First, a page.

Amateur Radio is a Communications "Hobby". An Avocation. Not a service you can subscribe to.
You have to learn how things work, set up your rig(s), antennas and accessories, learn their strengths and weaknesses, learn what modes and bands do what and why, develop your own skills and equipment, practice then - learn more, explore and understand what and how to accomplish your goals and then, "When all else fails", you can be a real asset to user agencies and even yourself. An trained, experienced RF communicator.
But, to just go get a license and expect to be able to meet emergency needs - and worse, set yourself up as such - that's a huge stretch. Yes, there are anecdotes where a few 'n00bs' have helped - but those are the exceptions and even then, they'd have been able to offer more if their foundation was deeper and broader.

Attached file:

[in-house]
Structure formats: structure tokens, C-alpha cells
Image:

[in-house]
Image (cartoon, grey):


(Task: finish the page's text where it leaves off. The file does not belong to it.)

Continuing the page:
That's possibly an insight into why some (of us) hams are so "anti-emergency" appearing in their perspective. If you want an "emergency" radio - go buy one. If you want to equip your emergency service with a 'back up' system. Don't use Amateur Radio - get a backup system.
It's because hams have learned the radio art, when an emergency presents, they can meet the needs "when all else fails". But you can't be proficient in the art just because you have a license. That's just the beginning. But what a journey it is!!